As Stalin came to power, the Trotsky name was not an asset, but the family business and their ability to keep their heads down generally saw them through without incident. As the food shortages increased, their connections helped the family survive, though they were careful never to appear too well fed. Boris became sneaky, and his developing stealth helped him avoid undue attention. “You Must Survive, Surviving is Everything” his parents repeated, and little Boris adopted that philosophy with a passion. The Trotsky’s were not above reporting potential troublemakers to the NKVD - anything to help avoid trouble, and survive a little longer. As a result of their systematic self-protection and the many shady dealings of the family business, young Boris acquired numerous Enemies, most of whom were unknown to him.

On August 7, 1932 Stalin passed a law that all food was state property - mere possession of food was evidence of a crime. Fourteen year old Boris was among the most enthusiastic enforcers of the law, and fanned out into the countryside with his youth brigade in order to prevent the "theft" of state property. He built his strength helping to construct watchtowers (over 700 were built in the Odessa region alone) to ensure that no peasants took food home from the fields. The youth brigades lived off the land, eating what they confiscated from the peasants, developing their fighting and throwing skills, often pelting the peasants with rocks. His youthful enthusiasm was dampened on the day his brigade were sent to confiscate the grain and cattle from an uncle’s farm. His comrades humiliated his aunt and uncle, burned their house, and forced the starving cousins to crawl and bark like dogs. But he had learned his parents’ lessons well, joined in the persecution, and kept his views to himself.
In the peak of the famine, most of Boris’s extended family perished in the countryside or were deported and never heard from again – it was not a good time to be a peasant farmer in the Ukraine. Boris’s aging grandparents also died of disease during the famines of 1932-33. Despite the unfortunate Trotsky name and the terrible famine, Boris’s immediate family survived intact, and survival became the driving force for Boris, more important than honour, politics, friends, or even family. Though a Communist Party member, and publicly supportive of Stalin, Trotsky’s only loyalty was to himself, and to survival. He had no use for religion.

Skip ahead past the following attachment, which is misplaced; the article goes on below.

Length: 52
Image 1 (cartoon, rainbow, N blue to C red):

Military Service
Boris joined the Soviet Army on his 21st birthday in the summer of 1939 and was soon posted to the Winter War in Finland. Much of the war was spent freezing, starving, with terrible sanitary conditions, and with the guerilla tactics of the Finns decimating the Russian infantry. Still, Boris had tough skin and survived the war, proving himself as a fighter and survivor.
On August 20, 1940, Boris Ivanovich Trotsky was promoted to Serzhant, coincidentally the same day the enemy-of-the-people Leon Trotsky was assassinated in Mexico on Stalin’s orders, and fifty years to the day since Boris’s father Ivan Trotsky was born. Serzhant Trotsky was sent to Eastern Poland and was stationed in Bialystok as part of the Russian occupation army. In the last letter he received before the German invasion of Poland in June 1941, his mother was in good health in Odessa, and expressed pride in his promotion. As usual, his father was abroad. At the time of the German invasion, Trotsky was 22 years old.

After the invasion, Boris was able to elude the encircling Germans and fought with partisan forces as he attempted to rejoin the Russian armies in the East. Though his “disgraceful retreat” resulted in serious questioning by the NKVD, his survival and successes on a few subsequent suicide missions took the political heat off him, for a time. Still, his treatment at the hands of the NKVD left a fear of the NKVD bordering on phobia, affecting his performance when under close NKVD scrutiny. In most situations though, his experience with surviving famine, criminal interactions, political upheaval, and the unwanted attention from the Trotsky name, combined with his fierce determination to survive, can make him quite an Intimidating character. Boris works best when commanding a troop of conscripts, whom he considers useful but disposable in battle. Boris does not hesitate to use his troops for his own protection – after all “Surviving is Everything!” He’s given up on planning for the future, and his vision is limited to surviving the war at all costs.